Listening to MP3 players at higher volumes and attending loud concerts have been linked to other health-risk behaviors in adolescents, according to new research.
“As with more traditional risk behaviors such as substance use and unsafe sexual intercourse, of which adverse health consequences have been recognized as important public health issues, risky music-listening behaviors pose a threat to young peoples’ future health,” researcher Ineke Vogel, PhD, and colleagues from the Netherlands wrote.
For the study, 944 Dutch students completed questionnaires about their music listening habits, as well as other health risk behaviors in the past 4 weeks that included daily cigarette smoking, binge drinking, cannabis use, hard drug use (cocaine, Ecstasy, amphetamines and heroin) and unprotected sex. The participants, aged 15 to 25 years, were enrolled from inner-city senior-secondary vocational schools. Controlling for age, ethnicity and the participants’ home situation, the researchers used multiple logistic regression analyses to determine the associations between music listening and other health-risk behaviors.
The current European occupational safety standards regard music volume levels exceeding 80 dB for 40 hours a week to be potentially damaging. Risky music listening was defined in the study as listening for 56 hours per week to a music level of 80 dB.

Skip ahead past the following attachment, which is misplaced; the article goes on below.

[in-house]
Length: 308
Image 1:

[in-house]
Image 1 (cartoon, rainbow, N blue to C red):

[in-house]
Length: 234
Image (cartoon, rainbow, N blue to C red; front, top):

The researchers estimated that 30.4% of the participants exceeded the revised safety threshold for MP3 player use, and 48.1% exceeded the threshold at live pop concerts and discotheques. Those who participated in risky music listening with an MP3 player more often used cannabis during the past 4 weeks. Participants exposed to sound levels exceeding the revised safety threshold at live pop concerts and discotheques used cannabis less often during the past 4 weeks but were more often binge drinkers and reported inconsistent condom use during sexual intercourse.
Results also showed that 5.5% of participants had used hard drugs in the past 4 weeks, 33.2% participated in binge drinking and 37.5% reported inconsistent use of condoms during sexual intercourse. With the exception for hard drug use, all health-risk behaviors were significantly correlated with each other, according to the researchers.
“The high prevalence of risky music-listening behavior among youth attending lower education and its coexistence with other health-risk behaviors has important implications for both research on understanding the behaviors and planning interventions,” they wrote.
Disclosure: The researchers report no relevant financial disclosures.